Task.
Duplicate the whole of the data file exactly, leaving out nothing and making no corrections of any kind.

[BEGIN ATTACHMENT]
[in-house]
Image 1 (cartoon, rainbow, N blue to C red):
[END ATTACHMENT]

[in-house]
Image 1 (cartoon, rainbow, N blue to C red):